Sierra Leone — Matthew Brima is a wide-shouldered African and as we sit in a sweltering Mexican hotel lobby he wants to tell me what motivated him and his young students to try and make an impact in the middle of the world’s biggest and most deadly Ebola outbreak.
Matthew is 37 and is the general Secretary of SLEFES (Sierra Leone Fellowship of Evangelical Students). He is an energetic man, full of enthusiasm and bursting with stories about what God is doing among students in his country.
The student movement has been running for 50 years and was pioneered by Christian graduates from Oxford University who came to lecture when the University of Sierra Leone was starting up. These graduates invited students into their homes for Bible study. Dr John Stott, one of evangelical Church’s global leaders, was one of those who came over to the capital Freetown to help kickstart the movement.
There are currently 34 tertiary education institutions in Sierra Leone and there are groups meeting on all of the campuses. The groups meet for Bible study, leadership training and campus evangelistic events and each group of students has specific projects to run. One campus group runs a summer school for children from rural communities and they teach a basic school curriculum.
Another campus group works on an integrity campaign, running seminars aimed at faculty and students on corruption and exam malpractice, and challenging the sex-for-grades practice present many campuses. Another group works on a UN backed programme which celebrates the “Day of the African child” – it mobilises students to get involved in relief and development work.
These projects involve students working together with SLEFES staff . I was impressed by the vision these student groups demonstrate and they show a level of innovation and social engagement I have yet to see in campus ministry in the UK and Europe.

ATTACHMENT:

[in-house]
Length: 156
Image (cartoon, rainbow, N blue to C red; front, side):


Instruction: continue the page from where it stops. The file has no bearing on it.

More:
But the student ministry was taken to another level in May 2014 when the Ebola crisis erupted in Sierra Leone. The outbreak started at a time when a lot of students on campuses were taking exams and a lot of campuses had to close. Some students were stranded because of the quarantine and so SLEFES staff and students began to ask how they could help.
The first thing they decided to do was to pray and they set apart three days of prayer and fasting, gathering graduates, staff and students and even some university faculty from the three main universities. At the end of the prayer session there was a realisation that more that could be done. So the SLEFES team, which included medical doctors and students, organised a three-day workshop on an Ebola faith response.
Around 70 student leaders came together and this quickly led to an outreach and education programme. The students mapped out 12 vulnerable communities that needed hygiene and Ebola prevention training. Some of the students were scared to go, but felt they couldn’t just sit back and allow Ebola to engulf their country.